Non-qualified deferred compensation (NQDC) plans continue to be widely utilized and more employers are turning to corporate-owned life insurance (COLI) to informally fund them, according to a new executive benefits plans survey by Clark Consulting.
Data & Research
Although participation in an employment-based retirement plan increases with age, overall, the percentage of workers participating in an employment-based retirement plan decreased to 39.7% in 2006 from 40.9% in 2005.
Men and women both think they and their partners are on the same page about saving for retirement, a new study conducted by Harris Interactive for The Wall Street Journal Online indicates.
A new survey has found many plan sponsors concentrating not just on snagging 401(k) participants, but helping them to save enough for retirement.
A new report by the Vanguard Center for Retirement Research notes that financial literacy plays a critical role in improving 401(k) savings behavior.
Financial Research Corporation (FRC) has released a new study that reveals the retirement income market is poised for innovation and significant future growth.
Even when all other significant demographic factors were held constant - things such as age, income, gender, and education – Whites were nearly twice as likely as African-Americans to be investors.
There are disparities between retirement income for women and men and women generally have less retirement income than men, largely because of women's lower labor force attachment and lower earnings, on average.
Despite worries about estate taxes, many Americans with significant savings have not taken adequate steps to plan their estate.
It’s early yet – but football fans already have their favorites picked for the Super Bowl.
Employees are interested in receiving information geared toward their life stage on what kinds of benefits to select during their company’s open enrollment period, according to MetLife’s 2007 Open Enrollment Trends Survey.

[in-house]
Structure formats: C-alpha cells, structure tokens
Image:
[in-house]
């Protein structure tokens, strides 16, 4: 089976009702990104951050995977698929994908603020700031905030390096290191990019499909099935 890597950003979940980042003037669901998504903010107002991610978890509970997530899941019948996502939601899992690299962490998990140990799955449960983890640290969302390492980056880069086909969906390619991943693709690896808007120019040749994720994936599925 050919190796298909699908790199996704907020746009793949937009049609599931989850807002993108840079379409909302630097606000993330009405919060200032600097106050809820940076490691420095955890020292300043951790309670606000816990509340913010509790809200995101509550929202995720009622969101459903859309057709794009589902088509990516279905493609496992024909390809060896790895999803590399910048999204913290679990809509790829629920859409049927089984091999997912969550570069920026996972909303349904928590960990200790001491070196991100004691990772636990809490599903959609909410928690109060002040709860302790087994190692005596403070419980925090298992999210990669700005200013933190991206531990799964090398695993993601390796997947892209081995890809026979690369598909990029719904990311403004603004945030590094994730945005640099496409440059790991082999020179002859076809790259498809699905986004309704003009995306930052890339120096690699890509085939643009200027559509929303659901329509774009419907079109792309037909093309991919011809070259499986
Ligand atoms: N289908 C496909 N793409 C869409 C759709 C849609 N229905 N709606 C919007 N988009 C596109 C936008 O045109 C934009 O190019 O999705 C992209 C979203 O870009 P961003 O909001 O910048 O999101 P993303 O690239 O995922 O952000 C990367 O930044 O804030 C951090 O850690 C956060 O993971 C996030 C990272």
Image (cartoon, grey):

Nearly half of retired adults said their expenses in retirement were what they expected, compared to about 30% who said they were more than they expected.
A new study provides more evidence that auto plan features – particularly auto enrollment at plans with $10 million or more in assets – have quickly become the rule rather than the exception.
It is generally thought that competitive pressures bring out the best in us, that we come with our best “game″ when we know that that is what it will take to win.
Women’s confidence in their ability to retire with a comfortable lifestyle has remained low and has not changed since 2004, with only 23% claiming to be very confident their retirement years will be financially acceptable, according to a new survey.
As the 401(k) plan becomes 'the new retirement superpower,' attention has turned to the weakness of the plans and is leading to 401(k) version 2.0, a research report by Russell Investment Group argues.
Boomers, though arguably the most prosperous generation in American history, face mounting demands on their financial resources from both their adult children and their aging parents.
A new Vanguard analysis based on its 2006 defined contribution recordkeeping data finds concerns about participants’ plan participation, savings, and investing behaviors.
The majority of American retirees (73%) say they will hang on to their homes rather than sell or downsize, according to the latest Principal Financial Well-Being Index.
Nearly one-quarter (23.2%) of people between the ages of 65 and 74 were in the labor force in 2006, the highest number in three years and an indication that fewer people are retiring at the traditional retirement age, according to the U.S. Census Bureau’s American Community Survey (ACS).